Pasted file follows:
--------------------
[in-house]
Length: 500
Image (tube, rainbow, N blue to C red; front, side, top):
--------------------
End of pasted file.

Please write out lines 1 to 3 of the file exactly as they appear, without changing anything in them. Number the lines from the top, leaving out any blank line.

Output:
[in-house]
Length: 500
Image (tube, rainbow, N blue to C red; front, side, top):